How you can reduce biosecurity risks in 4-H projects: Part 4

Biosecurity related to 4-H projects is a matter of high priority! Taking simple precautions will protect animals, members and consumers.

Michigan State University Extension continues a series about national and state agencies identifying biosecurity related to animal agriculture as a high priority. The United States Department of Agriculture has a long term goal of safeguarding the animal production industry from accidental outbreaks of animal disease. Disease control and surveillance and food system security are high priorities in ensuring that people and animals are protected.

As mentioned in part 1, 2 and 3, 4-H animal exhibitors can do their part to help safeguard the animal production industry by paying particular attention to their management, both on their own farms and during exhibition. This article will continue to provide an overview of current 4-H animal project trends, animal housing, animal pens, wash racks, judging areas and visitor interactions by exploring potential risks and how those risks can be reduced. This is the final article and will focus on youth biosecurity risk and disease prevention programs that can be implemented into club and county 4-H programs.

Previous articles have highlighted the numerous opportunities at shows, fairs and exhibitions for disease transmission risk associated with 4-H projects. Those risks identified were cleanliness of stalls and equipment, availability and use of hand and foot sanitation stations, and sanitation in wash rack and judging areas. The question is how do we teach youth how to assess and reduce risk, while building observation, problem-solving and decision making skills? The answer; begin being intentional about teaching biosecurity and disease prevention curriculum to clubs.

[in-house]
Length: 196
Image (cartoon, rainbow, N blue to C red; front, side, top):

In response to the research that was conducted by the University of California Extension, a complete curriculum was developed that is free, and downloadable, and uses the Experiential Learning Model. The curriculum titled, BioSecurity in 4-H Animal Science, methodically and thoroughly educates youth in four modules.

The first module, Understanding disease transmission, designed for 9-11-year-old members, highlights through hands-on activities how diseases can be spread. The second module, Livestock Disease: Understanding the Risks, designed for members age 9-11, focuses on recognizing and addressing disease risks that are present at home or at any given fair or livestock event. Modules 3A and 3B, designed for 9-11-year-old members, have activities that address the issue of tracking animal movement, including the use of Global Positioning Systems and technology.

Utilizing curriculum about biosecurity and disease prevention will help deepen youths appreciation of their roles and responsibilities as animal caregivers and broaden their understanding of the connection between the animal agriculture industry and society.

Also look for Parts 5, 6 and 7 in this series.

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